Poh Wang

2010 Kamiyama Artist in Residence participant

Poh Wang creates installations and videos filled with humor and sadness, based on the theme of examining the hidden aspects of society that are taken for granted. The team has been active since 2000 in Tokyo and places around the world such as Holland and Scotland, creating and displaying their works.  (2010)  (→Poh Wang Website)


Time & Rip
Exhibited at “Yorii-za theatre”
Installation, 2010

 Wow… We could not take our eyes off the ceiling which was filled with advertising displays. As we walked further into Yoriiza theatre, we saw a circular slit in the middle of the platform. “It's a revolving stage.” someone told us.
When we had a grandstand view of the theatre, we could almost hear laughter and yelling as if we were one of the performers on this stage in bygone years. It thrilled us just imagining it.
This place was certainly the sacred capital of Kamiyama and the mountains all around. We must perform.

We knew exactly what to do for our residency at this precise moment. In our mind, the off-key sound of merry-go-rounds rang out and a flickering electronic spectacular started to revolve.
Whenever we feel satisfied with what we create, the concept of the work and our mission float down from the sky then fit together perfectly like pieces of a puzzle. All we have to do is to believe in it and get on working.
We decided to make a fun fair merry-go-round to represent the joy of this lively theatre and the sadness of its last curtain call. It is an installation to connect with memories of the past. To stop it from becoming an overbearing show, we set up some rules.

-Local resources must be used.
-Size of work must be smaller than full scale.
-Minimize the decorations.
-Work must touch the audience through perception and feelings without any sort of physical contact.

 We commuted to Yoriiza every day. We became closer to some of the neighbors day by day.
At first, they treated us as guests but then people started asking for help with repairs and sometimes teasing us by saying things like “Hey, don't slack off! You should be working!” when they saw us around town. We felt we were accepted as Poh-Wang of Yoriiza comfortably. It made us very happy.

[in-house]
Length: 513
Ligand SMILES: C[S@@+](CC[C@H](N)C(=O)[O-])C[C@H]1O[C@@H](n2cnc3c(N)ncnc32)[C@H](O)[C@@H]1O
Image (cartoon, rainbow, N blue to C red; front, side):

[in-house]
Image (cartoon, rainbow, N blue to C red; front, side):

Even though we usually rush to finish our work, this time we wanted to stay and work for as long as we could. It was impossible, of course.

 We used motors from ancient electric fans given by locals for the heart of the merry-go-round. Someone told us “I kept this fan for so long because it's the very first Sharp model!” and another person said “Oh, my son broke the power switch.” showing us the repaired fan: the main switch was fixed with a pen lid. These were no longer just domestic appliances, they were part of someone’s life.
So we took them apart with respect and care. It's always nice to see good old electronics. They are simply made yet well designed. But the ancient motor is easily exhausted therefore we had to cross our fingers and watch it work.
“Go, Go! Motors!”

 By the time we got used to the record setting heat wave, we had gone through the most crucial stage in making a merry-go-round. Also we had to confirm whether to move onto our next project or get some rest and explore Kamiyama.
 The project was about writing a story in Kamiyama dialect, typewritten at the same time as a piano key is played. Typed words become a piece of music. The tale could be read both in Kamiyama dialect and the standard intonation, which makes it two different stories.
 Since we immersed ourselves in work, we had no chance to see anything other than our commuting road. It would have been nice to scout around the town though, following a little argument, we made up our minds to start our new work just like most of artists would do.
And after all, we ended up exploring the mountains in the name of “location hunting” anyway!

 By some miracle, we managed to complete the show of Time&Rip Merry-go-round. The stretched sounds of a merry-go-round music starts to play, the giant structure is creaking and turning. Lines of lights flow in front of our eyes. Although there was a slight change of plan, this was exactly how we imagined the work to look the first time we stood here.
 Yet the work has to disappear when the exhibition ends. Furthermore its absence will hopefully paint a more vivid memory, just like the empty space of Yoriiza does.

 Now, back in Tokyo after our hot intense summer project, we still feel feverish. It makes our day spotting vegetables produced in Kamiyama in the local supermarkets. Sometimes we check the price and judge the quality of sudachi like we are experts.
 But more than that, we reminisce about the artists and friends we met in Kamiyama.

Kamiyama Piano Sonata No.12
Exhibited at Nikishima house
Video installation, 2010

Poh Wang Website

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